A logo for Deno

Note: this post is more about the ideas behind Deno rather than a specific design. The actual logo is just an example.

In 2014 when io.js asked people for logo ideas, tens of people volunteered their designs. It was overwhelming but what do you expect when you create a new shiny tool for a crowd whose specialty is web and design?

Fast forward to 2018, the creator of Node.js boots a similar project called Deno, this time trying to avoid the design mistakes of his first popular creation. The new project is way more interesting.

Not only Deno has the learnings of Node.js considered, but it is based on some of the most modern and popular technologies like Golang and TypeScript.

I have previously written a long article about the merits of TypeScript and firmly believe a “sound” type system can unleash the power of JavaScript even more. TypeScript’s design also involves carefully chosen “unsound” behaviour:

TypeScript’s type system allows certain operations that can’t be known at compile-time to be safe. When a type system has this property, it is said to not be “sound”. (source: typescriptlang.org)

The greatest thing about TypeScript’s type system is that the types are optional — meaning that you can go far without using types and only add them when the size of the project justifies the extra effort.

Deno also uses Go which has a similar history. As of 2018 JavaScript is the most popular language in the world. Go too was built on the lessons learned from its popular predecessors:

Go was born out of frustration with existing languages and environments for systems programming. […] Go is an attempt to combine the ease of programming of an interpreted, dynamically typed language with the efficiency and safety of a statically typed, compiled language. (source: golang.org)

Don’t take my word for it, Go is one of the few language not bashed by the “king of geeks” Linus Torvalds:

I think Go picked a few good and important things to look at, but I think they called it “experimental” for a reason. I think it looks like they made a lot of reasonable choices. But introducing a new language? It’s hard. Give it a couple of decades, and see where it is then. (source: quora & original post)

That’s a huge compliment (from the creator of Linux and git) considering how he bashes C++ (the language Ryan used in Node.js)! I’m very excited about Ryan Dahl’s new project because it is a step in the right direction.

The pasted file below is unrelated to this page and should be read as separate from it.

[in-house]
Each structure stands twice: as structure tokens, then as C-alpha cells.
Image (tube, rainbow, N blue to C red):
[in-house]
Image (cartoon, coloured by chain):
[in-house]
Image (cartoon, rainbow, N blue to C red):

Update: On 8th of June 2018, Ryan announced a total rewrite in Rust.

The logo

5 hours ago someone brought up the topic “Let’s make some logos” and I predict that this is going to be one hell of a challenge.

I am mainly a programmer but most importantly I follow the technology trends. I do design for fun too and I’d be flattered if this design gets accepted but more than the actual design, I want to mention a few design goals that I think should be considered by a possible logo.

First let’s see the design:

Just a circle? Let me explain!

  • Simplicity: Deno is Ryan’s effort to bring simplicity to tooling and runtime design. A simple and non-crowded design is a key to communicate that. In my design that circle is just a simple and basic geometrical shape. Disclaimer: I’m Swedish. 🇸🇪
  • Security: in the post-Snowden era, in a year that started with two of the most distributed security vulnerabilities of the computing history (spectre and meltdown) it is a step in the right direction to design our tooling from the ground up with security in mind. Ryan’s talk at JSConf had a sharp emphasis on security. Security is particularly and extremely important for anyone who uses NPM. In my design that red color is to emphasize the importance of security.
  • Perfection: as anyone who has worked with computers can tell you, we are far from perfection because computers are programmed by imperfect beings but every now and then a brave move like Deno (and for that matter Node.js at its time) comes to change our view of what to expect from our tooling. TypeScript arguably addresses one of the most important flaws of JavaScript: a gradual type system that makes it possible to handle larger code bases as well as quick proof of concepts. This is a balance that not many tools can claim to have achieved. This is the closest thing to perfection as of 2018. Circle is a symbol of perfection.
  • Easy to use: since the logo is practically a red circle on a white background, it can be used in a variety of settings. This ease of use comes handy given the diverse environments that Deno is going to be used (hint: it’ll go wherever JavaScript goes!).
Here’s how it may look like in the terminal

Here’s the SVG code for the logo:

<?xml version="1.0" encoding="utf-8"?><svg viewBox="0 0 100 100" width="100px" height="100px" xmlns="http://www.w3.org/2000/svg"><circle style="stroke: rgb(255, 0, 0); fill: none; stroke-width: 15px;" cx="60" cy="60" r="30" transform="matrix(1, 0, 0, 0.999999, -12.169998, -15.070964)"/></svg>

I’m sure there are many talented designers out there who can design a much more beautiful logo for Deno but when designing it, please keep the 👆history and design goal of the project into consideration.

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